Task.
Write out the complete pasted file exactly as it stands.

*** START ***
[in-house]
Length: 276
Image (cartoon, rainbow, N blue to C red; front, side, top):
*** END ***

[in-house]
Length: 276
Image (cartoon, rainbow, N blue to C red; front, side, top):